For clients who require consulting services, most expect that their needs should come first.  They expect that their consultant will provide services and design their practice effectively so that those needs are satisfied.  The challenge comes when the consultant is also being asked to deliver value to shareholders by delivering growth and profit.  Essentially, two masters need to be served: the client and the shareholder.  Which master gets priority likely varies significantly from firm to firm, and individual consultant to consultant.  But there is certainly an underlying conflict there that needs to be managed. That other line of business that the firm wants the consultant to introduce to the client, that change in team make-up to improve profitability, that contemplated change in location of resources for providing the client deliverables, that renegotiation of a contract because it isn’t profitable enough – these are just some of choices that need to be made.  Some decisions might truly be in the best interests of the client; others might not. But figuring out what work you need to “sell” to your clients to satisfy growth and profit targets that have been set for you is a very slippery slope. Client needs can often take a backseat to shareholder needs, at least at the higher strategic level in the firm. I trust that most consultants still do what they think is best for their clients, but sometimes that means fighting with one hand tied behind your back.

What about the advantages that a big, multi-national firm might provide to their client?  You will often hear benefits such as global capabilities, more investment in technology and systems, more research and development generating ideas for clients to hear, etc.  Granted, for some clients, these benefits will truly make a difference. But for many clients, especially smaller or regionally-focused organizations, these benefits won’t be realized or, in some cases, they don’t even exist. Some points that further illustrate the discussion are:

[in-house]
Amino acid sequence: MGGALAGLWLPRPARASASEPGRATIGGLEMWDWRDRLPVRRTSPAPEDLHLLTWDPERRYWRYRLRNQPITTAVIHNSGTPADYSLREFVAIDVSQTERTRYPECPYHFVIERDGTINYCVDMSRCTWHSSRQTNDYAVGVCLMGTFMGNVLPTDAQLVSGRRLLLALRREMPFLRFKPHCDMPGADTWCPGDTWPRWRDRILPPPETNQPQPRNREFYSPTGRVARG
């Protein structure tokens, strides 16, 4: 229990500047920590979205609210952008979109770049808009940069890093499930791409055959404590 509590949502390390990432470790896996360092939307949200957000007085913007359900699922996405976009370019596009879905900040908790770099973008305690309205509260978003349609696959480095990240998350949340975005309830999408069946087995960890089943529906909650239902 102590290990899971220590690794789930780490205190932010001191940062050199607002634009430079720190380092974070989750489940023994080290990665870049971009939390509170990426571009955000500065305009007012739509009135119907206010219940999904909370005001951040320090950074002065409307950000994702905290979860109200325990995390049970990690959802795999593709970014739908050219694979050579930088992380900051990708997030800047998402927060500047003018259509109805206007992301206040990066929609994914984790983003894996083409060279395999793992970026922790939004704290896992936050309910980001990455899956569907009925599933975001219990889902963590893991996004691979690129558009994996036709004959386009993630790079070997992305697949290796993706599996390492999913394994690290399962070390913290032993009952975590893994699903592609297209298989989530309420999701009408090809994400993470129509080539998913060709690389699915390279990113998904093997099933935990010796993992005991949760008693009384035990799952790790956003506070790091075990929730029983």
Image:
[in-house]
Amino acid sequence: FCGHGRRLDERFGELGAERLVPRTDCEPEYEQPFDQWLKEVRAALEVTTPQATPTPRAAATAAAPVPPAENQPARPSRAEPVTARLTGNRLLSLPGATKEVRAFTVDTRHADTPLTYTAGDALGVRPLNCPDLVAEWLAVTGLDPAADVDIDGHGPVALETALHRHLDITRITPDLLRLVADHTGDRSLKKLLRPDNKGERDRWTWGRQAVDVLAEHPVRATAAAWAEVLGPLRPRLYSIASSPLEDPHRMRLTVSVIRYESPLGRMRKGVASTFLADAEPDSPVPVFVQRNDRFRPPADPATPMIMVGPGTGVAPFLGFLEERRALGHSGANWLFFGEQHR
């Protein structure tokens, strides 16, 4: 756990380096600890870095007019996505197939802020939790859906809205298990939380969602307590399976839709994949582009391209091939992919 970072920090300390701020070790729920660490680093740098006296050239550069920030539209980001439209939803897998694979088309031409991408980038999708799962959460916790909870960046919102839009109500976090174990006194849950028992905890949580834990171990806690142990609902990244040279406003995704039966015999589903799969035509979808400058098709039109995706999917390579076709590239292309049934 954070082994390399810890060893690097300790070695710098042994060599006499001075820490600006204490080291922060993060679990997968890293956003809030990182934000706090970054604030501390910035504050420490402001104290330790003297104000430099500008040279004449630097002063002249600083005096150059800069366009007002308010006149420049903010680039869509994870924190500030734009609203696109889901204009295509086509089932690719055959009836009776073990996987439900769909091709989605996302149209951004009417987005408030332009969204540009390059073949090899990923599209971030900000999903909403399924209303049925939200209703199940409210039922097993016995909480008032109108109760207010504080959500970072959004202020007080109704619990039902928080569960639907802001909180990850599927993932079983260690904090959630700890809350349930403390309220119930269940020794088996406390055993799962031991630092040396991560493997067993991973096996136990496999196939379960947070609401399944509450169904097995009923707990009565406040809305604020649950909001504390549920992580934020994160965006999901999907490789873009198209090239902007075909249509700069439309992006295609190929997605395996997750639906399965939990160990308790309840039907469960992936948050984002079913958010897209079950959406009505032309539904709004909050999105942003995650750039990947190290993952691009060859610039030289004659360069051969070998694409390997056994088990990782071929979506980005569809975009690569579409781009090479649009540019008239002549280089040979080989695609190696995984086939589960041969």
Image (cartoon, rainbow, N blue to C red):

• Research and development: Clients should expect better access to research and innovative ideas with bigger consulting firms. Unfortunately, in my experience, it is the individual consultants who are the primary developers of the ideas delivered to clients. It really comes down to the quality of the individual consultant and I have seen great ideas come from consultants at smaller firms over my career.
  • Corporate function efficiencies: Does the size of bigger firms allow greater efficiencies regarding corporate functions? Do they free up the consultant to spend more time on client-related issues? The answer is likely no. I have found that larger firms tend to have more time-consuming processes in place because of the very fact that they are large and can’t necessarily take the more efficient routes that smaller firms can enjoy. Just ask a consultant at a larger firm, especially one in a leadership role, how many internal meetings they attend and whether these meetings meaningfully impact the services delivered to clients; you might be surprised by the answer.